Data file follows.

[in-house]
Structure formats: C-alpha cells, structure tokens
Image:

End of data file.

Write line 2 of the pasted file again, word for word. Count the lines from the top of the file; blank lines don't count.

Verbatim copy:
Structure formats: C-alpha cells, structure tokens